The first day of May, wow, how did we get here so quickly, after the apparently endless cold winter? Despite working from home, I’m behind on my veg growing. Managed to plant most of my tatties this week, but I still have one set that’s waiting for the purple-sprouting broccoli to finish, we’ll see how they do. Talking of purple, I found myself drawn this week to the vibrant colours of the middle of spring, so we’ll start there, and end with the cool of the garden pond. First, the last week of full-on camelia. This huge shrub (2x3m) lives in almost complete shade, has been heavily frosted, and yet is heaving with blooms, still, even in May.
Last week, and this week too, I’ve admired tulips, around the garden, and in pots. This one featured last week, but now the flowers are in full bloom. I think this purple-red combo might have been an accident, but it’s a happy one.
Perennial cornflower are seriously well established here, and seem to pop up all over, from dry sunny borders, to shady corners. This is the very first bloom of the year. I love the detail of the almost-torn petals. This is a very good value plant. Starts to flower in May, once the blooms are faded it will weather a really ferocious prune and come back smiling a couple of weeks later, and again….and so on.
Back to shocking pink for another blousy bloom. Rhododendron in full flower are hard to beat for colour and they do last a few weeks. Also loved by insects, and strikingly cheerful to sit next too (shame it’s only 6 deg C in the garden). At least the colour is warming.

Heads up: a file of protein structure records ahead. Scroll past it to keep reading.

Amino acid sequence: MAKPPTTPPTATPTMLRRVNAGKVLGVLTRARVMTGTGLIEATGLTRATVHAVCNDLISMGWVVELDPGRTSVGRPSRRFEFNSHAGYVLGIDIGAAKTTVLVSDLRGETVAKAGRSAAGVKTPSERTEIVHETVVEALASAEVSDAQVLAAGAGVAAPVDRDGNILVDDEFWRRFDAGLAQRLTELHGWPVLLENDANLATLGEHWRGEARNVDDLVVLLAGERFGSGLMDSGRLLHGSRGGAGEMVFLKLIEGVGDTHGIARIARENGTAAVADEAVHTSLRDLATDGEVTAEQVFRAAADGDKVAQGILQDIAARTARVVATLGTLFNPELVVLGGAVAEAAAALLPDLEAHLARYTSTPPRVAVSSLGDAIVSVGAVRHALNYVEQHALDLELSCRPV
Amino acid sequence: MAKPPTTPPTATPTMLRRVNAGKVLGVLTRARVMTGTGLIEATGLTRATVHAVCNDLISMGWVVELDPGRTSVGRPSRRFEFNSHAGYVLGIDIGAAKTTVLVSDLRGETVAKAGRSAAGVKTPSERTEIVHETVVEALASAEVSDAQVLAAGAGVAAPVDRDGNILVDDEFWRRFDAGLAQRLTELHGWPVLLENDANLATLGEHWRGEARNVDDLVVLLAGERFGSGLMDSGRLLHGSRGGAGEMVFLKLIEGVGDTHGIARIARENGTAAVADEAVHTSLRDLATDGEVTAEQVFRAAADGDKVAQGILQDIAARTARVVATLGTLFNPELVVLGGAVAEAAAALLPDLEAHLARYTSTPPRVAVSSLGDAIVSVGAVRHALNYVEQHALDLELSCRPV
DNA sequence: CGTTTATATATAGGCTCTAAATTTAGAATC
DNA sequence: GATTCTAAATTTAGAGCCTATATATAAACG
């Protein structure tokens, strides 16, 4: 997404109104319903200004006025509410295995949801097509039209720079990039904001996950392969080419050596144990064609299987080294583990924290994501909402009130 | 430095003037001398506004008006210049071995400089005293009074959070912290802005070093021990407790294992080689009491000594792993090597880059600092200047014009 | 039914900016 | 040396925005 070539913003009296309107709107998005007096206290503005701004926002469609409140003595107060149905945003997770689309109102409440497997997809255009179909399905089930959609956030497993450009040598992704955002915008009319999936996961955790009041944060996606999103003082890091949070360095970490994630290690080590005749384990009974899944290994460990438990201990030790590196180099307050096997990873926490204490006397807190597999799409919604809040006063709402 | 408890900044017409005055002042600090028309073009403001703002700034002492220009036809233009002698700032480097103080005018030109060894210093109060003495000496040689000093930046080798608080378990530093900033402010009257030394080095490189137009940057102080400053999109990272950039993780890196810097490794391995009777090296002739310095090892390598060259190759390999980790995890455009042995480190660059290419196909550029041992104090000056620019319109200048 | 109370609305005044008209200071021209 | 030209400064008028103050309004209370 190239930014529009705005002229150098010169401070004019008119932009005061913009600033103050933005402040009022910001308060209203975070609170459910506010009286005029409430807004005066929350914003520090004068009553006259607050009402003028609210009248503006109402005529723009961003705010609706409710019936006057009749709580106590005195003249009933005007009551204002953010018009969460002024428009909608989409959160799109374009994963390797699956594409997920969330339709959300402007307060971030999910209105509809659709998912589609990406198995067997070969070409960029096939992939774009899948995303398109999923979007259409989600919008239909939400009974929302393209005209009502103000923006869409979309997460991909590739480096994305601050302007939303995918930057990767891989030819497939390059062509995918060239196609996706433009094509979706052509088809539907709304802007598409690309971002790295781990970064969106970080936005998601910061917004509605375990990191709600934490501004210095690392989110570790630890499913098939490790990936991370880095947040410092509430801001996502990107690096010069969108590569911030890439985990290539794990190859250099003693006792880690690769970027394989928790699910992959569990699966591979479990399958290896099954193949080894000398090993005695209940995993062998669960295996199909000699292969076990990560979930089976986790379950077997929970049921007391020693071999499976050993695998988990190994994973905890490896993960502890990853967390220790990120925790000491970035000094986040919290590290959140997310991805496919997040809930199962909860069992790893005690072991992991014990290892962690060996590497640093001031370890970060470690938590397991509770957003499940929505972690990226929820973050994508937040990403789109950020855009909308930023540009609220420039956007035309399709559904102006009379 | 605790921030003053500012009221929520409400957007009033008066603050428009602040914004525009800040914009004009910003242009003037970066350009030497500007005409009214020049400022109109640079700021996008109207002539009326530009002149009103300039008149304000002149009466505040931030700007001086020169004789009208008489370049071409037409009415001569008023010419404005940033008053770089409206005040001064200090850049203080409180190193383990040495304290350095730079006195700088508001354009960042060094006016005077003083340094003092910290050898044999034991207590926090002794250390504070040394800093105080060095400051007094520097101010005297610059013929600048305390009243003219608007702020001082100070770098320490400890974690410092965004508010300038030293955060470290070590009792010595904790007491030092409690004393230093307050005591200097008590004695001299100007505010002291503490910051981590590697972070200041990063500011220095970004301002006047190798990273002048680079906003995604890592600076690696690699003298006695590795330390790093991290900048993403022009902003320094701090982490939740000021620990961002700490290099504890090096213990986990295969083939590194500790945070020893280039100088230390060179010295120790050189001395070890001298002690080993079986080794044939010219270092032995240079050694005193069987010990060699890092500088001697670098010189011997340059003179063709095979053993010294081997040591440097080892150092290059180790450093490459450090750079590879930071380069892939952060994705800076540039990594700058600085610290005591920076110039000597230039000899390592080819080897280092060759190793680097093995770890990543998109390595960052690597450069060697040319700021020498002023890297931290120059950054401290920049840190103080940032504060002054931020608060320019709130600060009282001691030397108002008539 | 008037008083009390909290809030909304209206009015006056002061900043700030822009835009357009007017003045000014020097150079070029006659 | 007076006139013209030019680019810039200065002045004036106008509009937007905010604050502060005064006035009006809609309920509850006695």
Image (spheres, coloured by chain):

I wouldn’t want to forget the seasonal beauty of our garden wildlife pond. One can spend hours studying the light-footed insects that skate across it’s surface, and the tadpoles and newts in the depths below. The pond hosts just a few glorious plants, the first a butter-yellow ranunculus. A native species, it doesn’t last for long, but right now is delivering a real whack of vibrancy.
Last, but by no means least is a broader view of the pond with the first of the hostas beginning to come to life in the foreground. These last a long time, as the garden hosts several blackbird and thrush families, that have both learned to harvest slugs and snails straight from the pond. These leaves will hopefully stay whole for months to come.
That’s my Six for the week. If you like Six on Saturday, do join in, there are lots of contributors on Twitter, and more via the regular blog from #SixonSaturday initiator, the great Propagator himself.